Of course the method of presentation must differ in form from that of inquiry. The latter has to appropriate the material in detail, to analyze its different forms of development, to trace out their inner connection. Only after this work is done, can the actual movement be adequately described.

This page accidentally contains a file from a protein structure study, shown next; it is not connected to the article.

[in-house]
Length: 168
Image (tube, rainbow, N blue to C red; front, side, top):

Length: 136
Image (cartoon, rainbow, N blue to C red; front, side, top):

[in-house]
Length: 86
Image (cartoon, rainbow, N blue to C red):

Democratic governments have a strong interest in promoting behavioral consent, compliance with the demands of government that is freely given. Behavioral consent lowers the transaction costs of governance by reducing the need for monitoring and enforcement, but it is also a sine qua non of democracy. Without a considerable degree of consent, a regime is not, by definition, a democracy. But how do we know consent — or its absence — when we see it? Compliance is an incomplete surrogate. People comply for all kinds of reasons: fear of sanctions from governments or other citizens, economic returns, altruism, and ethical commitments that are rationally and strategically implemented. Although standard rational choice offers models of variation in compliance based on tangible incentives and sanctions, rational choice theorists generally fail to capture the ethical elements in the citizen's decision to behaviorally consent, particularly when the costs to the individual appear to exceed the benefits. As with studies of voting and some forms of collective action, standard rational choice accounts offer more guidance to understanding why people do not cooperate than why they do.